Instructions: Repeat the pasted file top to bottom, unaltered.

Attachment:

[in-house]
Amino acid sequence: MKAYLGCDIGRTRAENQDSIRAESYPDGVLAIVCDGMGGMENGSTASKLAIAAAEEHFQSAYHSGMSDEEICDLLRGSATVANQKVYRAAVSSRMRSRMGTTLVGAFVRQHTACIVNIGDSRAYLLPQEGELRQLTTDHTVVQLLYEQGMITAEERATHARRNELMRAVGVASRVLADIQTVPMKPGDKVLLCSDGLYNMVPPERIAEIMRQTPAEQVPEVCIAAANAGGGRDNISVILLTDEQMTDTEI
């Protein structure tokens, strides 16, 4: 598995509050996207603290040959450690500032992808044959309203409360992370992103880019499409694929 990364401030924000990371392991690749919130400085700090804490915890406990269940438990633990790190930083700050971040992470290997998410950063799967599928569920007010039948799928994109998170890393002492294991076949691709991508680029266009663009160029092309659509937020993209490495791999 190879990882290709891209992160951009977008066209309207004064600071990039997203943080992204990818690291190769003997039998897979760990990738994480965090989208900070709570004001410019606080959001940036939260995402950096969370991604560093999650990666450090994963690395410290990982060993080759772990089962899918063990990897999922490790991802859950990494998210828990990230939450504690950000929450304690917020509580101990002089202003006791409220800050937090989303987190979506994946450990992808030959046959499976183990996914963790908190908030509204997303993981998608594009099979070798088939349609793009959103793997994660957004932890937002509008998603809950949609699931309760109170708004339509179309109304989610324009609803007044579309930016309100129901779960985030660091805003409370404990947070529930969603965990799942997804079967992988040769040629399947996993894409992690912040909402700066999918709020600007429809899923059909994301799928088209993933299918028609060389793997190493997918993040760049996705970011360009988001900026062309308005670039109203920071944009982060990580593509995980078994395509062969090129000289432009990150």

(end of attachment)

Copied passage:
[in-house]
Amino acid sequence: MKAYLGCDIGRTRAENQDSIRAESYPDGVLAIVCDGMGGMENGSTASKLAIAAAEEHFQSAYHSGMSDEEICDLLRGSATVANQKVYRAAVSSRMRSRMGTTLVGAFVRQHTACIVNIGDSRAYLLPQEGELRQLTTDHTVVQLLYEQGMITAEERATHARRNELMRAVGVASRVLADIQTVPMKPGDKVLLCSDGLYNMVPPERIAEIMRQTPAEQVPEVCIAAANAGGGRDNISVILLTDEQMTDTEI
């Protein structure tokens, strides 16, 4: 598995509050996207603290040959450690500032992808044959309203409360992370992103880019499409694929 990364401030924000990371392991690749919130400085700090804490915890406990269940438990633990790190930083700050971040992470290997998410950063799967599928569920007010039948799928994109998170890393002492294991076949691709991508680029266009663009160029092309659509937020993209490495791999 190879990882290709891209992160951009977008066209309207004064600071990039997203943080992204990818690291190769003997039998897979760990990738994480965090989208900070709570004001410019606080959001940036939260995402950096969370991604560093999650990666450090994963690395410290990982060993080759772990089962899918063990990897999922490790991802859950990494998210828990990230939450504690950000929450304690917020509580101990002089202003006791409220800050937090989303987190979506994946450990992808030959046959499976183990996914963790908190908030509204997303993981998608594009099979070798088939349609793009959103793997994660957004932890937002509008998603809950949609699931309760109170708004339509179309109304989610324009609803007044579309930016309100129901779960985030660091805003409370404990947070529930969603965990799942997804079967992988040769040629399947996993894409992690912040909402700066999918709020600007429809899923059909994301799928088209993933299918028609060389793997190493997918993040760049996705970011360009988001900026062309308005670039109203920071944009982060990580593509995980078994395509062969090129000289432009990150």